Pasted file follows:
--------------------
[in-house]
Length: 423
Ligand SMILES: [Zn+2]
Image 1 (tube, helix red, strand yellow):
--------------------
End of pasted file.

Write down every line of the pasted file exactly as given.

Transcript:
[in-house]
Length: 423
Ligand SMILES: [Zn+2]
Image 1 (tube, helix red, strand yellow):